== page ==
This was just black and white (mono) publishing. Creating and publishing color images was an expensive, more complex process taking color film images, photographed on film, then developing this to produce transparencies that were often retouched by hand by an expert working with an airbrush. To publish the work as color print required, the black and white PMT (text and layout artwork) would be supplied together with the retouched color film to a litho filmmaker, and the image would be combined to create a set of four-color separated films from which the blocks were then made for printing. End to end a drawn-out and expensive process that today sounds archaic, yet this was the norm until a little more than 25 years ago.
Publishing was the first market the Mac disrupted and revolutionized is a more accurate description. Steve Jobs set t a revolution in motion when he introduced the first desktop laser printer creating desktop publishing (DTP) capability. But this was just the start; the real revolution resulting in the total replacement of all the analog processes with software solutions, kicked off after the first Apple Mac supporting color, the Apple Macintosh II with Motorola 68020 32-bit CPU was launched in March 1987 capable of running publishing like Quark Xpress launched the same year and opened the door to and image manipulation software like Adobe Photoshop 1.00 that came on the market in February 1990 setting the scene for manual processes becoming obsolete, and predictions that human skills like typography would become irrelevant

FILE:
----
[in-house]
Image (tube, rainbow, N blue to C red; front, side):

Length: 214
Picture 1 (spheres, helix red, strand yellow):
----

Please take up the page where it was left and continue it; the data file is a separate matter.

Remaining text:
Yet this did not happen, the people skills were adapted for the new digital design and publishing world, and in particular, the new generation of young art workers, designers, and other professionals built on their college training and the agencies, threw out the art materials and invested in Macs including High Definition screens that enabled WYSIWG images
Art workers, designers, agencies, and other professionals, invested in ever-faster macs with more RAM to speed the often painfully slow rendering process. They adapted their skills and training — typography and layout to the digital environment, learned new skills, and upped their game, changing not only the production process but the revenue model. Out went marked-up charges for typesetting etc., and in came charges focussed on skills and time-based professional fees. Arguably people rapidly became more valued and valuable in this digital creative world.
Design professionals didn’t just survive the digital revolution; those who adapted their skills to the new normal and became experts in using software to push the creative boundaries of the possible thrived and found themselves in demand and able to command a premium
Computers are still tools, more a Swiss Army knife than a pen or pencil, and just like the old machines and processes, they still need someone with experience to use them correctly — and that required training to get the most out of these professional tools!
Andy Fuller Brand//UX/UI designer
There is an old saying; the more things change, the more they stay the same. As time goes on and as media changes rapidly, many things remain the same. The need for quality content, skilled designers, and capable marketers are more critical than ever. Giant volumes of clickbait with subpar content will always be eclipsed in the long run by solid writers, top-notch photographers, and designers who are able to create engaging, eye-catching layouts.